Active Duty Military Medical Malpractice Claims
New legislation, which passed through Congress on December 17, 2019, will allow for active duty service members to present a medical malpractice claim against the United States government and receive compensation if they were victims of “negligent or wrongful” medical treatment at a military facility, according to a portion of the NDAA.
What type of case can Service Members bring against the Government?
Under the new law, Military Service Members and their families who have been the victims of medical malpractice will be able to bring an administrative claim against the United States. These claims are for injury or death caused by a federal employee providing medical, dental or health care for the service member.
One big difference remains for active duty service members’ claims: active duty members still cannot file a lawsuit and have a trial in federal court. You can only file an administrative claim. That means you will need a law firm that has a history of negotiating settlements with the Department of Defense administratively to have the best chance at successfully resolving a claim.
Importantly, there is a statute of limitations on your claim. So, you cannot wait forever. Time is of the essence. If you are a service member or their family and believe you have been the victim of military medical malpractice, please call a qualified lawyer as soon as possible.
Our Lawyers Fighting The Feres Doctrine
Historically, the Supreme Court of the United States issued an opinion that’s known as the Feres doctrine. This law prevents active-duty service members from suing the United States for medical malpractice. Feres has been blocking these claims for nearly 70 years, based on a controversial 1950 Supreme Court decision.
When Congress created the Federal Tort Claims Act (FTCA) to enable people injured by federal government negligence to receive compensation, it waived sovereign immunity for most claims against the United States. In Feres v. United States, the Supreme Court created a judicial exception to the FTCA. The Feres doctrine bars active-duty military personnel from bringing claims against the government for injuries arising out of “activity incident to service.” For years, Feres has drawn widespread disapproval, from Justice Scalia’s vigorous dissent in United States v. Johnson, 481 U.S. 681 (1987), and Justice Thomas’ recent dissent in Lanus v. United States, 133 S. Ct. 2731, 2732 (2013) (Thomas, J. dissenting from denial of certiorari), down to lower courts’ regular calls for this Court to reconsider Feres.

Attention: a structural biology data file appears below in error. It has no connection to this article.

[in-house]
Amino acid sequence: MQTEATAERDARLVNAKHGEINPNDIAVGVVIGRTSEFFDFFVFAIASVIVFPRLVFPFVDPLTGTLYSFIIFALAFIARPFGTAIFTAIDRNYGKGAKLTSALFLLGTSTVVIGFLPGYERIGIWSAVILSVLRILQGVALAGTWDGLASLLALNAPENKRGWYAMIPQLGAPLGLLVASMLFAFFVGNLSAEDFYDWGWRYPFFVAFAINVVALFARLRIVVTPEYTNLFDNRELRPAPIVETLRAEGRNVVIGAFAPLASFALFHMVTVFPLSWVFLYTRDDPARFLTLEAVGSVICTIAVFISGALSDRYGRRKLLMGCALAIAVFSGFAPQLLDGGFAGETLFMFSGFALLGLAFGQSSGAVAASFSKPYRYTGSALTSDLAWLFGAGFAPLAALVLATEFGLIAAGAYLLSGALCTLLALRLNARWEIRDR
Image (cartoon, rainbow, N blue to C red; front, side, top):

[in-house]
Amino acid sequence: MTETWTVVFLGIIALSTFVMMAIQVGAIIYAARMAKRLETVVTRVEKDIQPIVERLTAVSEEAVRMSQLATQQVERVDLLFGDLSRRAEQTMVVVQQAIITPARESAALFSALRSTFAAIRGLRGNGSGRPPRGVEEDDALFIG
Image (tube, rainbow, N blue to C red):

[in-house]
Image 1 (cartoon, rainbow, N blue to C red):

The law firm of Whitehurst, Harkness, Brees, Cheng, Alsaffar, & Jacob PLLC has worked tirelessly to change this law for decades, in the United States Supreme Court, the Circuit Courts of Appeals and before Congress. Attorney Jamal Alsaffar represented the Brown family in the Sixth Circuit Court of Appeals in a Feres case. There, at the district court level, the Government successfully dismissed the child of an active duty soldier from suing for birth injuries caused by medical malpractice. Thanks to his efforts at the Sixth Circuit Court of Appeals, Alsaffar convinced the Sixth Circuit to reverse the lower court, and the family was able to pursue a lawsuit on behalf of the child against the United States to win a $13 million verdict against the Government.